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“Now, this … this is something very special,” says master distiller Mark Lochhead with a warm Glasgow burr, leaning on an oak barrel. “This is the Talisker 34-year-old.” Inside one of the oldest whiskey distilleries in Scotland, a small group is assembled, murmuring excitedly. The feeling in the dark, musty room, which looks much the same as it did when the Talisker Distillery opened in 1831, is that of a clandestine meeting. Outside, a cold rain falls from a slate-gray sky, lashing the cobblestones in the courtyard.
An assistant carefully opens a handsome wooden case, removes one of just 250 bottles released (retailing for $1,500 apiece) and fills glasses with a dram of the precious spirit, which has a deep golden color and a powerfully smoky aroma. Then Lochhead bears down on everyone in the room like a schoolteacher: “Very few people have tried this whiskey,” he says, almost in a whisper.
The taste of the 34-year-old hits with notes of peat, chili and spicy fruit. But it’s primarily salt, accompanied by pepper, that comes to the fore; after all, the Talisker Distillery sits next to a brooding sea loch and is in fact the only distillery on the Isle of Skye, off Scotland’s wild western coast. “It’s the water we use, the sea and the aging that give these flavors and aromas,” Lochhead says, swirling the whiskey, eyeing it and then sipping with palpable satisfaction.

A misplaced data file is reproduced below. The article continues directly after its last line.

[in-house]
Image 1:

Robert Louis Stevenson was also a big fan of Talisker, having immortalized it in a poem thusly: “The king o’ drinks, as I conceive it / Talisker, Isla or Glenlivet!” Judging by the reverent hush that has fallen over this room, it’s clear Stevenson would have been particularly pleased by the 34-year-old. The king o’ drinks, indeed. —CHRIS BEANLAND
To wish someone “good luck,” squeeze your thumb inside the other fingers of the same hand.
• Handschuhschneeballwerfer: a coward; literally, “someone who wears gloves to throw snowballs”
Smacking one hand onto the other, both palms down, means “let’s get out of here.”
• Anticonstitutionnellement: The word for “unconstitutionally,” which also happens to be the longest word in the French language
The thumb held up alone (a thumbs-up) means “five.”
• Yoko meshi: The stress caused by speaking a foreign language; literally, “a meal eaten sideways”
Reaching a hand behind your head to scratch the opposite ear indicates that something has been made too complicated.
• Pochemuchka: someone who asks a lot of questions; an inquisitive tourist, perhaps
ILLUSTRATION BY PETER OUMANSKI